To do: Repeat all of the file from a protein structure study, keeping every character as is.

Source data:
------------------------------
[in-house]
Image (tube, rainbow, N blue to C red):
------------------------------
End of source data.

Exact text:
[in-house]
Image (tube, rainbow, N blue to C red):